I am hoping to do a bicycling holiday using the train: outbound end of may, return one week into June. There does not seem to be much in the media about the strike although I understand from friends who are regular visitors to France that the support amongst the wider population (such as it was) is waning.

    Personally, the challenge of the strike has steeled my resolve to choose rail travel and support SNCF although I fortunately have some freedom in picking dates to beat the blockade!
     
  26. squizzler

    squizzler Member

    Messages:
    500
    Joined:
    4 Jan 2017
    This article from the BBC suggests a combination of allowing flexible travel and the realtime information from SNCF is keeping the rail stations free of confused throngs of passengers:

    Read more: https://www.bbc.com/news/amp/world-europe-44122561
     
  27. Alfie1014

    Alfie1014 Member

    Messages:
    450
    Joined:
    27 Jun 2012
    Location:
    Essex
    Some feedback on our experience travelling from Madrid to Avignon last Monday (a strike day). The good news was that our train from Barcelona to Nimes TGV9704 was running and we boarded without problem. However the morning TGV from Barca had not run so there were additional passengers on board. The problems started at Perpignan where there were very large crowds waiting to board the single Duplex set. We were 15 overtime whilst people tried to board, there were reports of the police being called to, though this was claimed to be for 'illegals' their words not mine who were trying to get on. We left full and standing, including bikes, pushchairs and luggage in the vestibules. Some got off at Narbonne but more got on. It was announced that an additional set would be attached at Montpellier and that there would be room available on this for those without seats. In the main the staff handled the situation well, there were at least 6 of them on board, no ticket checks were made. We alighted at Nimes after our (bus) connection to Avignon should have departed but it had been held. Though the situation at Nimes bus station at 17:00 with local colleges discharging their students was chaotic to say the least! The bus replacement to Avignon, one of a handful running at commuting times on strike days took a meandering route through the countryside, crossing the Rhone no less than three times in the course of the journey! There seemed to be few actual commuters on it but mostly long distance travellers like us. After an hour or so it dropped us off outside Avignon Centre station. Whilst on the move in France were only saw a few TGVs, one local train and a couple of open access frieghts running on a route that is normally one of the main N-S arteries in France, the effect of the strike must be having a devistating effect on SNCF already depleted finances!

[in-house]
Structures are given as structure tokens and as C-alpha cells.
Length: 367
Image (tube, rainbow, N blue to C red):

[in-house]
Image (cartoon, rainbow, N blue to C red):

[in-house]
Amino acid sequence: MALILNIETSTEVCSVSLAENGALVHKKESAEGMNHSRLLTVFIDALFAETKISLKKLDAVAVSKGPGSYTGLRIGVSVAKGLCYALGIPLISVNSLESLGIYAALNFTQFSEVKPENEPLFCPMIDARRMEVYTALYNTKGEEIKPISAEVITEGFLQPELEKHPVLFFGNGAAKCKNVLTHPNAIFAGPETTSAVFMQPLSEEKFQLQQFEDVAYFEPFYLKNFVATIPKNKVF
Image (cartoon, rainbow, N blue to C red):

28. squizzler

    squizzler Member

    Messages:
    500
    Joined:
    4 Jan 2017
    I understand that last Monday was not a day to be out on the rails in France! It seems there was a plea by the unions to bring the railways to a standstill on Monday 14th. This could be seen as a tacit admission by the unions that their three month programme of strikes is one the ropes.

    Just to show you that you were very unlucky in your choice of day, here are the statistics from SNCF Group on Twitter:

    14 May service level:
    [​IMG]

    18 May service:
    [​IMG]

    19 May service level:
    [​IMG]

    Participation 14 May & 18 May
    [​IMG]
     
    Last edited: 19 May 2018